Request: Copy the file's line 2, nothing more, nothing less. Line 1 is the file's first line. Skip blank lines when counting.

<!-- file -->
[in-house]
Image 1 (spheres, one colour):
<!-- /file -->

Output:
Image 1 (spheres, one colour):